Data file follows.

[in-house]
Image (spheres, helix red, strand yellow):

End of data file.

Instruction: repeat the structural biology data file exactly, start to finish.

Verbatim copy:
[in-house]
Image (spheres, helix red, strand yellow):